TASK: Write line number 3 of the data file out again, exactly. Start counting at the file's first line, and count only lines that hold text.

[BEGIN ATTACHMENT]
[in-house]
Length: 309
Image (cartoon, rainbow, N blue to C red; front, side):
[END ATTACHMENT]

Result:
Image (cartoon, rainbow, N blue to C red; front, side):